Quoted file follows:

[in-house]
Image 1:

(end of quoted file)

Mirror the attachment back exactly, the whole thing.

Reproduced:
[in-house]
Image 1: